Monday, July 20, 2009

Taming Toddler Tantrums

TantrumThis is 3rdy, my nephew. He's a good boy and very sensitive boy. He's "kinda" unique because he loves to play kitchen utensils. Maybe he's a good cook someday.

I have a young friend here who is now 17 weeks pregnant and her eldest is 1 year and 6 months old little boy. Her eldest has tantrum most of the time and she can’t handle it even if it is just one little boy. Sometimes she punished her son by spanking using her hand. When the child screams, she screams also. Since she’s young parent, I gave her a little advice for her child. I know it’s not easy to understand why kids have tantrums but at such a young age, a child is consumed with thoughts of themselves. Everything is about them and how they feel. Until they are taught how to share, every toy or piece of food they see automatically belongs to them.
Toddler temper tantrums can have a variety of effects. Your first thought might be that everyone is focused on you and your screaming child, but getting embarrassed won’t diffuse the situation. Besides, as a parent, you have many more years of embarrassing situations to look forward to courtesy of your children. So worrying about what others think during this situation is simply going to stress you and make you feel worse.
Here are a few tips I gave to my friend.

1. Ignore the tantrum. This technique works best when at home. In public places, you don’t want to ever leave your child unattended as a form of punishment. Good behavior in public begins at home. Ignoring a toddler is not harsh. If your child is squirming on the floor screaming for a cookie, continue to talk to them as if you never noticed. Eventually, they will get the hint and stop screaming.

2. Avoid instant gratification. In public, toddlers throw tantrums when they are denied something that they want. Some parents give in to keep their child quiet but a child learns quickly. Tantrums will continue if they know you will cave. Simply tell them “no” and keep moving.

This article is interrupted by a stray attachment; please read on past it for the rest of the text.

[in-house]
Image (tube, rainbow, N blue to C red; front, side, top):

3. Don’t get angry. When you scream and they scream the situation is wildly out of control. You’ll end up crying and your toddler will still be screaming.

4. Praise your toddler when they behave well. Clap and celebrate when they go to the potty successfully and when they put away their toys. Good manners such as saying “please” and “thank you” deserve a smile and a hand clap as well.

5. Run errands after nap time. Kids get punchy when they get tired. A toddler misbehaves more often if they are dragged around when they are tired.

6. Carry snacks with you. Low blood sugar can lead to tantrums. If you are out longer than anticipated and lunch or dinner time is close at hand, let them eat a healthy snack to keep their hunger pains at bay and sugar levels stable.

7. Be consistent in your punishment. At home, you might use “time out” to deal with a tantrum for bad behavior. In public do the same. Sit your child on a bench for five minutes or take them to the car. Eventually they will learn that you are not a pushover and they will begin to behave.